Kansas City Blues 1944–1949
In the hindsight of blues history, Kansas City seems to have dropped off the map just as the urban R&B craze swept American inner cities after World War II. Joe Turner had gone to the cafes in New York, then headed for the coast. Count Basie was stripping down his big band. And Jay McShann had seen the brightest star in his crack territory band, alto man Yardbird Parker, start a revolution without him on New York’s 52nd Street.
But if the R&B caravans stopped more frequently at other destinations, K.C. still had plenty of action — a point this ample three-disc set proves. The blues they were putting down on Vine Street were not always as sly and streamlined as Louis Jordan’s jump titles or as tough and ribald as Wynonie Harris’, but, like the great K.C. swing music of the ’30s, they almost always moved with a breezy confidence, rolling like a well-paid sailor on shore leave.
Capitol’s research staff hasn’t been faint-hearted about poking through its old tapes and 78s. There are 73 tracks here. Not all of them qualify as well-worn classics, but there is enough prime, booting, late-’40s blues here to suggest that Leiber and Stoller’s determination to take a train, plane or walk to K.C. was for good reason.
The strongest tracks, natch, come from Jay McShann, the pianist and bandleader who is still going strong, now well into his eighties, in his hometown. The set’s first tracks find McShann, recently shorn of Parker, reassembling with a few holdovers from his old band and Julia Lee, the hard-as-nails vocalist whose "King Size Papa" and other double-entendre hits rivaled Bullmoose Jackson for sheer carnality. McShann’s former vocalist, easygoing Walter Brown, also shows up, backed on eight cuts from 1949 with McShann and big-toned tenor stalwart Ben Webster. There is nothing here to match Brown’s classic "Confessin’ the Blues," but a mean "Nasty Attitude" comes close.
McShann takes another crack at "Confessin’ " in a 1945 take that features the first professional recordings by Jimmy Witherspoon, who died late last year. Spoon’s voice sounds higher and tighter (nerves?) on these early sides than he would become known for in later years, but his presence shows how deep the talent reservoir still existed in K.C. after the war. Julia Lee shines on nearly a disc’s worth of tracks, but for every badass cut like "Ugly Papa" there’s a turkey like "After Hours Waltz." This, ultimately, is what ails this grandiose set: There’s too much here — and not all of it is prime R&B.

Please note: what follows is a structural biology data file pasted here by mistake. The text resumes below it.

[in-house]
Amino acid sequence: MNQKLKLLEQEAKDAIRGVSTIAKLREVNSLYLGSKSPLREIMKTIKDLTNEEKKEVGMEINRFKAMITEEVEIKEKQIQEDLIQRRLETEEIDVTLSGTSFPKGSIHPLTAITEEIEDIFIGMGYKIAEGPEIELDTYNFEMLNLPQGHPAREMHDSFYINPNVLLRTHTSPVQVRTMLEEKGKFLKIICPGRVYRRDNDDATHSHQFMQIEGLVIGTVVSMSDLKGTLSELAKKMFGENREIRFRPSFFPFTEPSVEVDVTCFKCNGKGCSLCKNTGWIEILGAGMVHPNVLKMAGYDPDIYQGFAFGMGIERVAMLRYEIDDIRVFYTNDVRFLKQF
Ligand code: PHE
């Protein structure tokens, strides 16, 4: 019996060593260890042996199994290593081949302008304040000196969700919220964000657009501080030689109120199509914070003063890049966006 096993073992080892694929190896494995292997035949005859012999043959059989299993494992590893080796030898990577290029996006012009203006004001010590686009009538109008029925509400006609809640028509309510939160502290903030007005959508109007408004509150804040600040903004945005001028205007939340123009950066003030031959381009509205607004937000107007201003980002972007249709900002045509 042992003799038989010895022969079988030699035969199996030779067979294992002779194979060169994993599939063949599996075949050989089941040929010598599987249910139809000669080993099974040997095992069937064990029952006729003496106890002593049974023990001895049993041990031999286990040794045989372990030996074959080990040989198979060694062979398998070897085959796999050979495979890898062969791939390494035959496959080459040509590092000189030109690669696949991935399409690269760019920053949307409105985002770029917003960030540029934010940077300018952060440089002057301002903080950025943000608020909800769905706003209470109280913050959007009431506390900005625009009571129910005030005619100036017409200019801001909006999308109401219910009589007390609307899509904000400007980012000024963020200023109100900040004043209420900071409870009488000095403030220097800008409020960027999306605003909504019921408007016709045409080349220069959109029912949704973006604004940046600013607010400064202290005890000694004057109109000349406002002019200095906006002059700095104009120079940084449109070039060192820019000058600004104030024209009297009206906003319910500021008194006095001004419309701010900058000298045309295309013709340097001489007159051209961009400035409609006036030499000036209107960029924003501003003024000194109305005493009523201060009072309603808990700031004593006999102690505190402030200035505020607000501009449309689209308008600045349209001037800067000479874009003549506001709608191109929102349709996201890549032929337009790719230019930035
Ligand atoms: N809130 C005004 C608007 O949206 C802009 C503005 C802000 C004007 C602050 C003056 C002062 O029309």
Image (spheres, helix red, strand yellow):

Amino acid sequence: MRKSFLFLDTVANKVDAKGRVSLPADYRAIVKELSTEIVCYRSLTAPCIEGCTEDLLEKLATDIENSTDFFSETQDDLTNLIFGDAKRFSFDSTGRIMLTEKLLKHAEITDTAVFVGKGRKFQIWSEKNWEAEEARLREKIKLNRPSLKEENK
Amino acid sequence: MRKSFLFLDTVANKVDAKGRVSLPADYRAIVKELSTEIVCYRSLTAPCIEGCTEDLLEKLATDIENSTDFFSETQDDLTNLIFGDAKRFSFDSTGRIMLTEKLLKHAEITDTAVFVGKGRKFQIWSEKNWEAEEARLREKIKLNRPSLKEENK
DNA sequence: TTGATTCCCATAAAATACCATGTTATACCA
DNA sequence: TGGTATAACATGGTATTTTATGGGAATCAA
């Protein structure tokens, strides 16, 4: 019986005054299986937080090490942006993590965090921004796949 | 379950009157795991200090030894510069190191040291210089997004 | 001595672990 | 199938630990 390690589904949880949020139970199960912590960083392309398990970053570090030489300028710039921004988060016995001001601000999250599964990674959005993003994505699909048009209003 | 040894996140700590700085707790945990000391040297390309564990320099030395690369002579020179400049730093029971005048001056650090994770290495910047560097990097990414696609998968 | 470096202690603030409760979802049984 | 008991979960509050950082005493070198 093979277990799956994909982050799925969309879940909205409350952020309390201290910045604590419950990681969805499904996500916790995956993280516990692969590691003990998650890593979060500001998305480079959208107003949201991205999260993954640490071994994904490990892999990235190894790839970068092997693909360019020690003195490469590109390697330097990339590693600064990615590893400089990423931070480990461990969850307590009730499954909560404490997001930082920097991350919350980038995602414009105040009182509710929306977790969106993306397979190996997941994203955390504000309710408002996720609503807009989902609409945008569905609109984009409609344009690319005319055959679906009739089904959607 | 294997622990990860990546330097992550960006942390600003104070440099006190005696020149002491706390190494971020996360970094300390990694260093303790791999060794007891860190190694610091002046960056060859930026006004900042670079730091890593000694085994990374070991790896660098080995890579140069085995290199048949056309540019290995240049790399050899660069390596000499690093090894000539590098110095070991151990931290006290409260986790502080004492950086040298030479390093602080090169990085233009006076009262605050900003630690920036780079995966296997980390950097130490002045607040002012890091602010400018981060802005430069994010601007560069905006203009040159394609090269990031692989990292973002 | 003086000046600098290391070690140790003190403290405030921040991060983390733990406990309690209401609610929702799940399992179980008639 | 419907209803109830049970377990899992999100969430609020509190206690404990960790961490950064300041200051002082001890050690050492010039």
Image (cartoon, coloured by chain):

After the historic McShann, Lee, Brown and Witherspoon material, what remains is middling material by second-tier artists. Tommy Douglas, an alto sax man and bandleader who served briefly as a mentor to Charlie Parker, has a few charming uptempo humpers like "Kickapoo" and "Goosed." His band was not as well-oiled as, say, Tiny Bradshaw’s or Buddy Johnson’s, but it could kick up some dust with decent enough charts.
Less stellar was the great Benny Moten’s younger brother, Bus. The elder Moten’s early ’30s band was a cauldron that let loose such masters as Basie, Webster and Jimmy Rushing. As for Bus, his main claim to fame had been playing a passable accordion in Benny’s band. Bus had graduated to piano and vocals in the late ’40s, but with no great acuity.
The lead-footed blues Bus delivers here are saved only by the great, throbbing sax of Ben Webster, who band-hopped a lot in those post-swing years. Webster didn’t stay in his old stomping grounds long. After a few more decent-paying gigs, he headed out West to more bountiful paydays in L.A. It was a move that Witherspoon soon made as well — which tells a lot about how shrunken K.C. had become as a music capital. The history was there — still is — but when there was money to be made, the big boys headed West.
— Steve Braun